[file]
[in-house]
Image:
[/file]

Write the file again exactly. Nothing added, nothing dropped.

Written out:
[in-house]
Image: